Juror selection prevents court delay

The shortage of jurors results too frequently in small communities where most everyone knows either the victim or the complainant

Between January 2012 and August 2014 Northwest Territories judges declared 11 mistrials when the courts were unable to seat 12 jurors.

The shortage of jurors results too frequently in small communities where most everyone knows  either the victim or the complainant,  is related to a trial participant, or is well acquainted with the facts of the event.

In addition, roughly only half the people summoned for jury duty show up to court to face selection. Consequently trials  have to be postponed, often for as much as nine months,  before court space, a judge, lawyers and witnesses can again find a date agreeable to all.

Canadian criminal law allows for a judge to send sheriffs out into the street to round up potential jurors if a jury vacancy occurs at the last minute, as it did recently in Hinton, Alberta.

A trial ready to proceed suddenly found itself short one juror. Justice J. H. Goss of Court of Queen’s Bench of Alberta empowered  a pair of Alberta sheriffs,  through a summons,  to round up 20 potential jurors at Walmart’s Parks West Mall.

The sheriffs filled a bus with shoppers nabbed from the aisles carrying their purchases and delivered them to court where they were questioned by the opposing lawyers to ascertain their eligibility to be jurors.

Jurors must be declared eligible, impartial, representative, and competent.

Once a juror had been selected to fill the vacancy, the other 19 shoppers were returned to Walmart.

This manner of filling a jury at first seemed a throwback to Westerns when a sheriff would scoop men from a saloon to serve at a moment’s notice.

But within a week after the Hinton case another showed up in the news, this one in Iqaluit where a sexual assault trial was set to begin but needed one more juror.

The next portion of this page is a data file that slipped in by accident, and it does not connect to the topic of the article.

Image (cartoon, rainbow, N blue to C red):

Seventy potential jury members had been summoned to the court. A number were excused for medical reasons or were challenged by the Crown and defence lawyers.

Others were dismissed for knowing the accused, potential witnesses or the complainant. When the pool was drained, the court was still short one juror.

Nunavut Justice Sue Cooper ordered the sheriff onto the streets to randomly summon 12 more people in order to complete the jury selections, reports CBC News.

The trial was able to proceed that afternoon.  No nine month wait there for an alternate court date.

Three days of evidence was heard. The jury deliberated two hours before convicting the man of assaulting the 13-year-old.

While rounding up potential last minute jurors may seem like a rare occurrence, checking finds it not to be so especially in Edmonton where the practice rivals seasonal ranch roundups.

In October, 2013 an Owen Sound, Ontario court ran short of jurors for a criminal trial after a panel of 125 potential jurors failed to fill twelve seats.

There, too, the judge issued a summons for two sheriffs to comb the streets for likely individuals. Sheriffs asked prospects if they were 18 years old, a Canadian citizen, and if there was any reason they couldn’t sit on a jury?

If a sheriff asks a more probing question he risks discipline for pre-selecting a juror, a determination to be made only by judge and lawyers.

One man was excused because he was scheduled for knee surgery the next week.

In this Owen Sound case, by the time the sheriffs and their hastily chosen passengers arrived at the court house, a mistrial had been declared. Each person was paid $100, a discretionary payment ordered by the judge, and driven back to the mall in taxis to resume their day.